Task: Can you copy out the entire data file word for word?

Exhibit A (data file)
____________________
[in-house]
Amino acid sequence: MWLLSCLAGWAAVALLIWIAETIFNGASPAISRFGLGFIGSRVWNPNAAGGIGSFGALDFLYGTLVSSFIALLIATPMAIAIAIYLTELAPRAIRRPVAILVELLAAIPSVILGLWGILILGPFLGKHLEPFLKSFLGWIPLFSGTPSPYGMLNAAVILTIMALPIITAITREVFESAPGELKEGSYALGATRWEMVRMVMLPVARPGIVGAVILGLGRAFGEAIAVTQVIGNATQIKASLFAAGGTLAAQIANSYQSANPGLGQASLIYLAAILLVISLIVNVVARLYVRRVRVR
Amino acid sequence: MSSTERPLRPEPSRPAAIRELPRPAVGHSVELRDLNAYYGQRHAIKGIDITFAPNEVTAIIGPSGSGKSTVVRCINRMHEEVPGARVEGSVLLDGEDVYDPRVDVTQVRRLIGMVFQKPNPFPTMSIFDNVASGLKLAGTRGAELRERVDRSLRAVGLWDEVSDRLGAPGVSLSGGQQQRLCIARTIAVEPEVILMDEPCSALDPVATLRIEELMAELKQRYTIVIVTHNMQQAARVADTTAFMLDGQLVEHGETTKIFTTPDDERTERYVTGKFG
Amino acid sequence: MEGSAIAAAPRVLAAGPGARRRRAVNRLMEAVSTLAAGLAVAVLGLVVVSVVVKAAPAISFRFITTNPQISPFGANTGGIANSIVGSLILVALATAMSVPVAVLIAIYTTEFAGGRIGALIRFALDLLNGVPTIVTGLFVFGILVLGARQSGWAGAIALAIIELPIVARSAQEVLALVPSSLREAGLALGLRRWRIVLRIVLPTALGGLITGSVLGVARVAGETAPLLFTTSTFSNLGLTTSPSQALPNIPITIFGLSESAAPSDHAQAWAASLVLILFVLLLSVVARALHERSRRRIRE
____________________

[in-house]
Amino acid sequence: MWLLSCLAGWAAVALLIWIAETIFNGASPAISRFGLGFIGSRVWNPNAAGGIGSFGALDFLYGTLVSSFIALLIATPMAIAIAIYLTELAPRAIRRPVAILVELLAAIPSVILGLWGILILGPFLGKHLEPFLKSFLGWIPLFSGTPSPYGMLNAAVILTIMALPIITAITREVFESAPGELKEGSYALGATRWEMVRMVMLPVARPGIVGAVILGLGRAFGEAIAVTQVIGNATQIKASLFAAGGTLAAQIANSYQSANPGLGQASLIYLAAILLVISLIVNVVARLYVRRVRVR
Amino acid sequence: MSSTERPLRPEPSRPAAIRELPRPAVGHSVELRDLNAYYGQRHAIKGIDITFAPNEVTAIIGPSGSGKSTVVRCINRMHEEVPGARVEGSVLLDGEDVYDPRVDVTQVRRLIGMVFQKPNPFPTMSIFDNVASGLKLAGTRGAELRERVDRSLRAVGLWDEVSDRLGAPGVSLSGGQQQRLCIARTIAVEPEVILMDEPCSALDPVATLRIEELMAELKQRYTIVIVTHNMQQAARVADTTAFMLDGQLVEHGETTKIFTTPDDERTERYVTGKFG
Amino acid sequence: MEGSAIAAAPRVLAAGPGARRRRAVNRLMEAVSTLAAGLAVAVLGLVVVSVVVKAAPAISFRFITTNPQISPFGANTGGIANSIVGSLILVALATAMSVPVAVLIAIYTTEFAGGRIGALIRFALDLLNGVPTIVTGLFVFGILVLGARQSGWAGAIALAIIELPIVARSAQEVLALVPSSLREAGLALGLRRWRIVLRIVLPTALGGLITGSVLGVARVAGETAPLLFTTSTFSNLGLTTSPSQALPNIPITIFGLSESAAPSDHAQAWAASLVLILFVLLLSVVARALHERSRRRIRE